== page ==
Earlier this year I was thinking that I would enjoy doing a little side trip on a portion of the 469 mile long Blue Ridge Mountain Parkway on our way south. It is such a beautiful drive but it would mean staying out an extra night and I have become pandemic anxious again after being exposed to the virus by a vaccinated friend who got covid-19 from an unvaccinated friend and having a 41 year old unvaccinated nephew die of covid-19.
The next best thing is to go back to photos from our 2014 side trip where we drove 300 miles of the Parkway. I get so much enjoyment from visiting these past trips that I decided to share a couple of my favorites for Becky’s October Squares.
Have you noticed that, at any given time, you and two or three people you follow on WordPress are on the same wavelength – thinking about the same topic. Probably not that mysterious or strange because I follow a lot of like-minded people and the topic that I was thinking about this week was covid. Laura Bruno Lilly wrote a post titled “What in Your Life did Covid-19 Interrupt.” I started to comment but didn’t because I was thinking about writing a post. Then Jan Wilbur posted “The Difference Between Now and Then is This.” Her post is about the heartache in families created by unvaccinated members. I’ve been doing a lot of thinking about unvaccinated people lately. My vaccinated friend had a breakthrough case after contact with an unvaccinated friend who is a member of a conservative Christian community near us where many members don’t believe in Covid-19 vaccinations for whatever reason. My god, what would this community do if there was an outbreak of mumps or measles or tuberculosis among their members?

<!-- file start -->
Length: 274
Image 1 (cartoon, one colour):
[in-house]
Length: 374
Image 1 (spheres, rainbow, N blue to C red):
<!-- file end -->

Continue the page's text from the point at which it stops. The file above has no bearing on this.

Yes, Laura, Covid-19 did interrupt my life, or more accurately, some unvaccinated people who became positive with Covid-19 interrupted my life. A little over a week ago I spent a delightful afternoon playing cards with two vaccinated friends. That evening the friend who hosted us called to say that the person she had been with the previous Friday just called to say she was covid positive and had symptoms. My friend had made an appointment to get tested the next day but wouldn’t get the results until Friday. Her granddaughter got her a rapid result test which was positive, and on Friday the other test result was positive. She has had flu-like symptoms for the past week.
Back when I was in high school we would say, “That’s the way the cookie crumbles,” whenever something bad or inconvenient or annoying would happen. It was our way of coping, a way of living in a world that was generally annoying to a teenager. Well, I’m now 77, annoyed because my Covid-19 cookie has crumbled.